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I have the need to execute a query in MySQL using Perl and DBI and insert the results in another table. The second table is created on the fly to define the same number of fields that the original query returned, plus one more field.

I have no way to know in advance the first query or how many fields it will return. So I'm doing this very ugly thing (summarized):

# Execute the received query
my $sth = $dbh->prepare($received_sql);

# Get the fields names and create the new table
my @fields = @{$sth->{NAME}};
my $create_table = "...some sql and a map from @fields...";

# Start getting the results from the query one by one just to insert them into the new table
while (my @record = $sth->fetchrow_array) {
    my $sql = "insert into `new_table` (";
    $sql .= join ', ', map { "`$_`" } @fields;
    $sql .= ") values (";
    $sql .= join ', ', map { '?' } @fields;
    $sql .= ')';
    my $insert = $dbh->prepare($sql)

It would be perfect if I could just do this:

insert into `new_table` (...) select (...) from ...

but, I need to know the names of the fields returned from the first query and create the corresponding table before inserting data into it.

So, I've been wondering if, since $sth is an actual prepared statement... is there anyway to use it to tell MySQL to insert the results of that statement into another table, without making it pass record by record to Perl?

Thanks in advance for your comments.


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2 Answers 2

You can use statements like these if you don't want to specify every single field:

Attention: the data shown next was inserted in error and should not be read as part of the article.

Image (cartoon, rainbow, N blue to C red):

• CREATE TABLE newtable LIKE oldtable (and possibly using ALTER TABLE after this to add the new field)
  • INSERT INTO newtable SELECT * FROM oldtable
  • CREATE TABLE AS [$received_sql]
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@eggyal: Wow, that sounds exactly like what I could use. I'll try it right now. Please add your answer. :-) –  Francisco Zarabozo Apr 30 '13 at 14:40
golimar: Thanks for your answer. The reason it didn't work for me is that, as I mentioned, I can't know in advance the query that will be executed so I don't know how to create the new table until I have the result (number and type of fields). However, the comment from @eggyal was a perfect solution and I didn't know I could do that. Also, I don't know why he deleted his comment. I was just very lucky to see it on time. –  Francisco Zarabozo Apr 30 '13 at 21:12
up vote 0 down vote accepted

This answer was actually from @eggyal (left as a comment) but then he deleted the answer and never came back.

Anyway, I want to share his answer because it was extremelly useful. Maybe something too simple, but I just didn't have an idea I could just do that:

create table `new_table` select * from `other_table`

And I can even do something like:

create table `new_table` select SQL_CALC_FOUND_ROWS * from `other_table` limit 50;
select found_rows();

Which is simply great!

The speed is great and I don't even need to worry about the fields data type, MySQL does it automatically based on the passed query.

@eggyal: If you ever come back to this post, please feel free to add your answer and I'll select it. Thanks for your comment!


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